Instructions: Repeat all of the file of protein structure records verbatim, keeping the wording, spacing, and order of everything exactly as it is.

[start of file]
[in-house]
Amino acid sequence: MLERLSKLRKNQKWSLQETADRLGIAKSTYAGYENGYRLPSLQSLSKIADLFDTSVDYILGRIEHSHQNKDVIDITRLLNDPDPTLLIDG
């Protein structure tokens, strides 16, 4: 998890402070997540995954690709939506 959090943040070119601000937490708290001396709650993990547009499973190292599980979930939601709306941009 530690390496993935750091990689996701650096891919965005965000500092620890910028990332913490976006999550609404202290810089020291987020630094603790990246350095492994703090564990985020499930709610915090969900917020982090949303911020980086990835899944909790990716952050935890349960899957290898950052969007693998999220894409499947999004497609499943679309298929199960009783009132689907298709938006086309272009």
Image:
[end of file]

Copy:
[in-house]
Amino acid sequence: MLERLSKLRKNQKWSLQETADRLGIAKSTYAGYENGYRLPSLQSLSKIADLFDTSVDYILGRIEHSHQNKDVIDITRLLNDPDPTLLIDG
């Protein structure tokens, strides 16, 4: 998890402070997540995954690709939506 959090943040070119601000937490708290001396709650993990547009499973190292599980979930939601709306941009 530690390496993935750091990689996701650096891919965005965000500092620890910028990332913490976006999550609404202290810089020291987020630094603790990246350095492994703090564990985020499930709610915090969900917020982090949303911020980086990835899944909790990716952050935890349960899957290898950052969007693998999220894409499947999004497609499943679309298929199960009783009132689907298709938006086309272009």
Image: